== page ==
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Teens and Prescription Drug Abuse

Teens and prescription drug abusePainkillers are the most abused type of prescription drugs by 16- to 17-year-olds, followed by stimulants, tranquilizers, and sedatives. Almost two out of five teens report having friends that abuse prescription painkillers and nearly three out of 10 report having friends that abuse prescription stimulants.

In 2006, more than 2.1 million teens abused prescription drugs. Abusing these drugs can lead to addiction. Between 1995 and 2005, treatment admissions for abuse of prescription painkillers grew more than 300 percent. As more teens across the country are entering substance abuse treatment, they report taking these drugs because they are easy to access at home and other places and can be cheaper than street drugs.

Why Do Teens Abuse Prescription Drugs?

Teens also give other “practical” reasons for abuse of these drugs. For example, teens say they abuse prescription painkillers because:

  • They believe it is not illegal
  • There is less shame attached to using them
  • There are fewer side effects than street drugs
  • Because some parents “don’t care as much if you get caught”

Teens report many reasons for prescription drug abuse and over-the-counter (OTC) drugs. Like with street drugs, prescription and OTC drugs are often abused by teens to get high. This might be to party, to escape reality, to experiment or to relieve boredom.

But teens also say there are other reasons to abuse prescription drugs beyond just getting high:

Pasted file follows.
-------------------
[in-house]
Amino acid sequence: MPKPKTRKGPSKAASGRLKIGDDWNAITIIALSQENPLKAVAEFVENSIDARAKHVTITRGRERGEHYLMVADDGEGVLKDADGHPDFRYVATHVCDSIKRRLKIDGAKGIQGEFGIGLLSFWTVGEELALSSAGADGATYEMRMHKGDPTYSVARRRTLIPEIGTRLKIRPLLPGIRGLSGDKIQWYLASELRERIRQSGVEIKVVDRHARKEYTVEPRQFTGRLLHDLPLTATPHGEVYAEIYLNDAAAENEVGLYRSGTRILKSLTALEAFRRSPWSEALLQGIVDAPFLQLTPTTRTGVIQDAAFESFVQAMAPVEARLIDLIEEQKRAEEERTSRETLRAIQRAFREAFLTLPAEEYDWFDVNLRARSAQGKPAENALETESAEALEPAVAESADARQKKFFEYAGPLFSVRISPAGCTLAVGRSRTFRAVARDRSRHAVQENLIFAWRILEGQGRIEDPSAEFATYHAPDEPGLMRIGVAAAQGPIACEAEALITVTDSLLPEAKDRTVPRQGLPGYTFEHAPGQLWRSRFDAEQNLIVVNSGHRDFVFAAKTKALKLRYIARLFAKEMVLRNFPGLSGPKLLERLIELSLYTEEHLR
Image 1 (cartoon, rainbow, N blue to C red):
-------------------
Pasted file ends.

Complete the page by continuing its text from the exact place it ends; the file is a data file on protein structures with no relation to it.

• Some teens say they abuse these drugs to help them cope. This mean managing stress, depression, or anxiety, and helping them relax.
  • Teens also report abusing prescription drugs to help them deal with pressures. For example, some teens say they abuse stimulants to help them do better in school by increasing alertness or concentration. Others report abusing stimulants to help control their weight.
  • Teens also report they are abusing these drugs to self-medicate in order to relieve pain or sleep better.

Types of Prescription Drugs Used by Teenagers

Painkillers like OxyContin and Vicodin are the prescription drugs most commonly abused by teens. In fact, within the past year, nearly one in 10 high school seniors have abused Vicodin and more than five percent of seniors have abused OxyContin.

Other possible prescription drugs to be aware of and understand that your teenager could be using are:

  • Codeine
    • Like morphine, this is found in opium but is weaker in action than morphine and is used especially as a painkiller.
  • Fentanyl (and fentanyl analogs)
    • A man-made opioid painkiller similar to morphine that is administered as a skin patch or orally.
  • Morphine
    • This powerful, active ingredient of opium is used as a painkiller and sedative.
  • Opium
    • From the opium poppy, this was formerly used in medicine to soothe pain but is now often replaced by derivative alkaloids (as morphine or codeine) or man-made substitutes (opioids).
  • Hydrocodone